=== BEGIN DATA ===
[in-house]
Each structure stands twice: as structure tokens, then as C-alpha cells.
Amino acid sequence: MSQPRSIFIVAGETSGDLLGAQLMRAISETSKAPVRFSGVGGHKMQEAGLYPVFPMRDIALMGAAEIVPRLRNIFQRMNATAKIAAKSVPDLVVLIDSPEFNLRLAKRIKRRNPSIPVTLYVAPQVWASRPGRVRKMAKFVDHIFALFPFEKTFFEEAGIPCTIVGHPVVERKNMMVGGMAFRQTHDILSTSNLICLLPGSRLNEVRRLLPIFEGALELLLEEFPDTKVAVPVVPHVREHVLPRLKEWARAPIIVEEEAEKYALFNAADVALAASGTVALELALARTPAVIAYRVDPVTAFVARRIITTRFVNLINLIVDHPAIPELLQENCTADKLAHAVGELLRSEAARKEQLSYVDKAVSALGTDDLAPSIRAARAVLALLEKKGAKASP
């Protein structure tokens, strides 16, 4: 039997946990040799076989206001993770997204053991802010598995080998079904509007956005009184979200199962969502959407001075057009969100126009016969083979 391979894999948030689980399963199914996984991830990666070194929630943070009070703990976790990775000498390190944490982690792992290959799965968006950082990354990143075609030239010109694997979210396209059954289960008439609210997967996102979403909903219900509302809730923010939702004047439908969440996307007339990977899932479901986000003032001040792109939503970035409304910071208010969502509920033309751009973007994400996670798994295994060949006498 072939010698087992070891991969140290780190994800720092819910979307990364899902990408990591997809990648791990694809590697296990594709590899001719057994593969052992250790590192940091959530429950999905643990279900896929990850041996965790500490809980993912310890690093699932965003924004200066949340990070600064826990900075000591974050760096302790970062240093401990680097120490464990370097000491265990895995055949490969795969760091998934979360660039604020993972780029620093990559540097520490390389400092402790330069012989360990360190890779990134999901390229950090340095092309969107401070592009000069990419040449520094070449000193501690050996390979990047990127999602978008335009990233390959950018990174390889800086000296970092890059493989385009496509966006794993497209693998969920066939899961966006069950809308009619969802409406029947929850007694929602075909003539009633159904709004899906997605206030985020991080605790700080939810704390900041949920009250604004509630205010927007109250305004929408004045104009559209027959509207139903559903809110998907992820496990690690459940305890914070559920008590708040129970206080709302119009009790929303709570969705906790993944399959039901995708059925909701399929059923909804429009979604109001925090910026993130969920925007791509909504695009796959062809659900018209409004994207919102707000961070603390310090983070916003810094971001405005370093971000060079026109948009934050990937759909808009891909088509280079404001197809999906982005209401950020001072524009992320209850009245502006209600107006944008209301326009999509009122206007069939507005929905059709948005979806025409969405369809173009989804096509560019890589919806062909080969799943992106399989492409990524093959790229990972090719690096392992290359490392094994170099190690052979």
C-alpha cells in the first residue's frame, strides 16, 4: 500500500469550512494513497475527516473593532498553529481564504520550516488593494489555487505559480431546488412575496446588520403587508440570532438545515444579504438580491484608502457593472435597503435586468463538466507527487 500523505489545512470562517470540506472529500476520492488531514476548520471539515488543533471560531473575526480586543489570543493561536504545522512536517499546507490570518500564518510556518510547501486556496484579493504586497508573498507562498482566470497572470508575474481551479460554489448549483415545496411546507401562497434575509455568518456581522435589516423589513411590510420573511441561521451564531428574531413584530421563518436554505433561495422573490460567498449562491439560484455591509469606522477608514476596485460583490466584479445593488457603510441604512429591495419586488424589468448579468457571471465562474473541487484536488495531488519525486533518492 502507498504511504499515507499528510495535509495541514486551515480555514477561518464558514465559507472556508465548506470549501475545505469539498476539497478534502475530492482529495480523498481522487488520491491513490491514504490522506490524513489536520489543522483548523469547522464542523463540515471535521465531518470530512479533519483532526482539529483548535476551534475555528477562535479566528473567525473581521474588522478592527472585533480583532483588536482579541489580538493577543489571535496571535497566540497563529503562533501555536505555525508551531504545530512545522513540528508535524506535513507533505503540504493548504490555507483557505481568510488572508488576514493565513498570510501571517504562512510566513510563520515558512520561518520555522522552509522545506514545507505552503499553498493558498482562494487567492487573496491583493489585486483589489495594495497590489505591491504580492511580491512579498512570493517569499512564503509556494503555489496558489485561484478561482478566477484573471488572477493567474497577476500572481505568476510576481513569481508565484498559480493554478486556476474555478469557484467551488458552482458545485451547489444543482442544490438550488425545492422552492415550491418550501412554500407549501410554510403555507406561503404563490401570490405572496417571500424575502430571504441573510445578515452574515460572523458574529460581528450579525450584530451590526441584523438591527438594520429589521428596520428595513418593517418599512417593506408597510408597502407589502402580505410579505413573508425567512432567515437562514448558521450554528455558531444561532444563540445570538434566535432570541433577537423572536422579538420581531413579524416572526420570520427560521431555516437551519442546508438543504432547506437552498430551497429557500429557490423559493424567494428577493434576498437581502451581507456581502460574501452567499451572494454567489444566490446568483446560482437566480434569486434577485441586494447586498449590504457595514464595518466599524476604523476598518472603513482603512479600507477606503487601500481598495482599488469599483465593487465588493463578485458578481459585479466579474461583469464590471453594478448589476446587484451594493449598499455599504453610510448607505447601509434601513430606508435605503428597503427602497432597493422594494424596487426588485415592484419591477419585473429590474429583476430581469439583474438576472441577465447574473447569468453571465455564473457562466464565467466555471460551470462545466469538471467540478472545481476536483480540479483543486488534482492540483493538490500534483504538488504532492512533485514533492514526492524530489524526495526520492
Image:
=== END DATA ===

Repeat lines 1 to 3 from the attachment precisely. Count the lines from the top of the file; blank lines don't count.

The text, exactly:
[in-house]
Each structure stands twice: as structure tokens, then as C-alpha cells.
Amino acid sequence: MSQPRSIFIVAGETSGDLLGAQLMRAISETSKAPVRFSGVGGHKMQEAGLYPVFPMRDIALMGAAEIVPRLRNIFQRMNATAKIAAKSVPDLVVLIDSPEFNLRLAKRIKRRNPSIPVTLYVAPQVWASRPGRVRKMAKFVDHIFALFPFEKTFFEEAGIPCTIVGHPVVERKNMMVGGMAFRQTHDILSTSNLICLLPGSRLNEVRRLLPIFEGALELLLEEFPDTKVAVPVVPHVREHVLPRLKEWARAPIIVEEEAEKYALFNAADVALAASGTVALELALARTPAVIAYRVDPVTAFVARRIITTRFVNLINLIVDHPAIPELLQENCTADKLAHAVGELLRSEAARKEQLSYVDKAVSALGTDDLAPSIRAARAVLALLEKKGAKASP